- Published: Friday, 14 August 2015 13:57
I attended an Arches and Legs workshop in November 2013, which is part of a Fascial Release and Structural Balance series devised by Tom Myers and taught by James Earls.
The interaction of our feet with the ground underpins the whole body structure and any imbalances have consequences further up the body. Effective arch balance is essential for easy and graceful walking, pelvic stability, low back efficiency and neck and head support. The feet are literally the foundation for the rest of the structure. Where there is misalignment of foot bones, or muscular tension, the arches are affected. When muscle imbalance in the legs is present, they can be worked on with myofascial techniques, which in turn balances the arches and feet.
Here are some tips for self help
- If you have fallen arches you can strengthen the muscles of the foot on a daily basis by picking up a pencil or dragging a towel towards you with your toes, from a seated position.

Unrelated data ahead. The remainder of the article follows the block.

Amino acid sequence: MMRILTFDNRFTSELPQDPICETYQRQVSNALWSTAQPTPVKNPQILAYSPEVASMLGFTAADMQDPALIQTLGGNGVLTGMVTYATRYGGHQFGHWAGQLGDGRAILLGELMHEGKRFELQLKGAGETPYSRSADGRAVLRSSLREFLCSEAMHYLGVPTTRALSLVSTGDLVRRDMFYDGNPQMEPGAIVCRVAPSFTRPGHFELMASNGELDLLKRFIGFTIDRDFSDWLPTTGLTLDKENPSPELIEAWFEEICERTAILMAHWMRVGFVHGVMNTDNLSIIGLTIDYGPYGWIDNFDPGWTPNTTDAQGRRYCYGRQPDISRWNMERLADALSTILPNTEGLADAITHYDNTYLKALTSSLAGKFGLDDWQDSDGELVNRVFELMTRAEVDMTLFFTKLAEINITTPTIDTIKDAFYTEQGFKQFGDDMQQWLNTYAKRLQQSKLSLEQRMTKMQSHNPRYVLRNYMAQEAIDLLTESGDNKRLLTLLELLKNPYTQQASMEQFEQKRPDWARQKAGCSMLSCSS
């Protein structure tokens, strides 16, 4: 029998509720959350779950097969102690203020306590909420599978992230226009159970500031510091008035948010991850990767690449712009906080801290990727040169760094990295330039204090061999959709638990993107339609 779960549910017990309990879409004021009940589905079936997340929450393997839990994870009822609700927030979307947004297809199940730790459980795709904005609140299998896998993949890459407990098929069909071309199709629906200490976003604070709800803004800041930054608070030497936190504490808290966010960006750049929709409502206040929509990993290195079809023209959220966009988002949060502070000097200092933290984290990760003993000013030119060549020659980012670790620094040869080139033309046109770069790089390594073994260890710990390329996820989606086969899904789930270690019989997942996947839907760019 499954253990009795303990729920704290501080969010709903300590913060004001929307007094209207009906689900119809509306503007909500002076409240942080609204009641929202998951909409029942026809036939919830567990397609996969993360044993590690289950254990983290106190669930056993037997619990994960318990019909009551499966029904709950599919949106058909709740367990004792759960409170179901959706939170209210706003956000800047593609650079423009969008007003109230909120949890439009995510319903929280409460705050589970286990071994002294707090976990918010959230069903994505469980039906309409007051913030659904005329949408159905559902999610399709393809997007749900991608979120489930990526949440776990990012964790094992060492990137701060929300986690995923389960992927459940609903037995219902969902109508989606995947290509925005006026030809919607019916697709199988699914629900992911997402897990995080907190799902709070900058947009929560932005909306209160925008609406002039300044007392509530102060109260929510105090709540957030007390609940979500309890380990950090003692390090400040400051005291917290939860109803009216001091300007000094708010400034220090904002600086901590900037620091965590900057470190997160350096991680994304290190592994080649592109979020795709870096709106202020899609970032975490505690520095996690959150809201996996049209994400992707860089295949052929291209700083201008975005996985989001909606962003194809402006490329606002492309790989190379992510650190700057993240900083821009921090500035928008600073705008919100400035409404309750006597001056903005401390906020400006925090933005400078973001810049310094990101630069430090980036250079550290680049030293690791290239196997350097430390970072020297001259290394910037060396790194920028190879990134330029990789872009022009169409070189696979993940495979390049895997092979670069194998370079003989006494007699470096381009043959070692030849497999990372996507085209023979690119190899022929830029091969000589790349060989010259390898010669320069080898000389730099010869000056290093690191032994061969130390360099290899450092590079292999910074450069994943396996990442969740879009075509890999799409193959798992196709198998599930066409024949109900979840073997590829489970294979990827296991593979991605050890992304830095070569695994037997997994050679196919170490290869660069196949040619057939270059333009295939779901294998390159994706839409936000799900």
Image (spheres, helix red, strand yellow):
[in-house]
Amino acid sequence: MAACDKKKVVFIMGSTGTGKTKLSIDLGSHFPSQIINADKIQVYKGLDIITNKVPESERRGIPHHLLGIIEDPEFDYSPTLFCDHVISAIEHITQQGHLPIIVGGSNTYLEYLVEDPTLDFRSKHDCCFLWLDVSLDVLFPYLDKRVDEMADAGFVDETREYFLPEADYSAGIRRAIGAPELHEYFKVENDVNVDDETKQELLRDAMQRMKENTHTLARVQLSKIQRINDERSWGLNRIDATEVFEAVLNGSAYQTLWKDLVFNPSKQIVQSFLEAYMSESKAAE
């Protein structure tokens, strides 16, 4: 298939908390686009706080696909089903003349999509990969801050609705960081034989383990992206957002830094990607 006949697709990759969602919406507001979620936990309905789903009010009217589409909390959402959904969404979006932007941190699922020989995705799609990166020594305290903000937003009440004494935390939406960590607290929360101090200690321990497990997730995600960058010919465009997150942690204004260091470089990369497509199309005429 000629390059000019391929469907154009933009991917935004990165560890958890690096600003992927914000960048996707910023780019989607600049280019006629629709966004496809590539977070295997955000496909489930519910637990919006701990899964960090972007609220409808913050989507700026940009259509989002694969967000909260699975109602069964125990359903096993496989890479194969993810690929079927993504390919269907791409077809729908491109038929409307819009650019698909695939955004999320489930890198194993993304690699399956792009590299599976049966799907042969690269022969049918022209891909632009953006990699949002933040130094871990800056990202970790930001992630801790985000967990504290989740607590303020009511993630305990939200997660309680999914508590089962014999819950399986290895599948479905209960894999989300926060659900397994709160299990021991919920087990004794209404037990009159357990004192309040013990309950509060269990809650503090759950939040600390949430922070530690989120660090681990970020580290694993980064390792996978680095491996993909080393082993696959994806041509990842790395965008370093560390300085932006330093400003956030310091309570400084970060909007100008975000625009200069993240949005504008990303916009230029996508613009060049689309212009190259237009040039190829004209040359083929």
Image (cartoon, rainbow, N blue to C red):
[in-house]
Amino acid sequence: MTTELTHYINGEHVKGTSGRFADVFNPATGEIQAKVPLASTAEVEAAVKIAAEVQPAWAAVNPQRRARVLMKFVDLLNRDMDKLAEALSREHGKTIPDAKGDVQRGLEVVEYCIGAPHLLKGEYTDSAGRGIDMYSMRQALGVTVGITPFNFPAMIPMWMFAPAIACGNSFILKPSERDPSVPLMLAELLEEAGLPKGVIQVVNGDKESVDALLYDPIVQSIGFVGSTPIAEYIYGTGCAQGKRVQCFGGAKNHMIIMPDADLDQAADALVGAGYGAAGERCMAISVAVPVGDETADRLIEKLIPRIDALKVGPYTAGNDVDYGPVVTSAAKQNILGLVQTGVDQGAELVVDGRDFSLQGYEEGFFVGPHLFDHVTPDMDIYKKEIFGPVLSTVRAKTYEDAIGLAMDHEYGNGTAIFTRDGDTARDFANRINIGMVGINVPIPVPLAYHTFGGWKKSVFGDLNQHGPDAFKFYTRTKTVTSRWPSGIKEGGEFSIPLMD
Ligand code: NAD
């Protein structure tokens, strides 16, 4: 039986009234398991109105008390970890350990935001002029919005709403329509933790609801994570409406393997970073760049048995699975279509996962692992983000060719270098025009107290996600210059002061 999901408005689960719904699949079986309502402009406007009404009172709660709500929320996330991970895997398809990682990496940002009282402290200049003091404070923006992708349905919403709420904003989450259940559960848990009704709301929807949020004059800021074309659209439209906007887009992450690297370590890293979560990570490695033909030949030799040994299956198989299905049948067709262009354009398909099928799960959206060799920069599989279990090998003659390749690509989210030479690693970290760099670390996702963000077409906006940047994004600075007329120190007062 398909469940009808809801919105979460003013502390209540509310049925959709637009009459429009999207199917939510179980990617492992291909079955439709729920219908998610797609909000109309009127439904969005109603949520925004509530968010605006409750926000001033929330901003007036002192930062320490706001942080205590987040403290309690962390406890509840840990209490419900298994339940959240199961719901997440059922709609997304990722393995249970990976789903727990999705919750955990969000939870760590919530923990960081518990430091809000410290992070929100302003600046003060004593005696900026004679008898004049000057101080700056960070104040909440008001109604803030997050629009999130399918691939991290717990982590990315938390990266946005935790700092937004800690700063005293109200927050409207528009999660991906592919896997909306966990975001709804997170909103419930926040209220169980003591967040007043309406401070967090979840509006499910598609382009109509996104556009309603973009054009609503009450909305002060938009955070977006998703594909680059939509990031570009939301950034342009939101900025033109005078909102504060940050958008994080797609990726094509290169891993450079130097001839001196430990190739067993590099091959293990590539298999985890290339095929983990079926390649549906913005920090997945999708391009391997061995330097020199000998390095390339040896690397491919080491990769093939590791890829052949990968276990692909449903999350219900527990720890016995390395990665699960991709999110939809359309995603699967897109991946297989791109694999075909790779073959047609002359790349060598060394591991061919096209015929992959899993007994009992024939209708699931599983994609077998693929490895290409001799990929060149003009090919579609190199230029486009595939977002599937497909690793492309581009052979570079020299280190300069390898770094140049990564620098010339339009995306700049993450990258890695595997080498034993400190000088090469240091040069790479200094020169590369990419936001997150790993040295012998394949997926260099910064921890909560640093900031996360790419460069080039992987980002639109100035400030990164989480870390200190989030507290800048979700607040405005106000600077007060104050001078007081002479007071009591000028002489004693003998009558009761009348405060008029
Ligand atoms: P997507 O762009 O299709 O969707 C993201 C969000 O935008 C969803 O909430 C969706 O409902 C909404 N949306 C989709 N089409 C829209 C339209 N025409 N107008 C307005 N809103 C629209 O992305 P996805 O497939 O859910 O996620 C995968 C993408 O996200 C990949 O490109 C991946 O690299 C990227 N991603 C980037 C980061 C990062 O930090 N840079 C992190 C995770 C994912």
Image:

- If you find that your big toe is bending towards the other toes, attach a strong rubber band between each big toe, lie on your back and then pull your feet apart so that the big toes get stretched out. Hold the tension to a count of 30 and repeat for a few minutes, every day.
- Here is another idea for the same problem. Cut a cork in half, lengthwise, and cover it with elastoplast tape for comfort. Then place the half corks between your big and second toes. It can then be taped in place overnight. This trains the fascia to stretch and make more room between the first 2 toes.
- If you suffer from plantar fasciatis you can receive myofascial work and dry needling and once back home put some Epson Salts in hot water in a large basin lined with pebbles and stand on them, or better still, march on the spot.
- To keep your feet flexible and supple, use a golf ball or tennis ball under your bare foot and move the foot backwards and forwards, or in a circular motion, to ease discomfort or tension. It is interesting to note that this also helps hamstring problems as it eases fascia along the back line.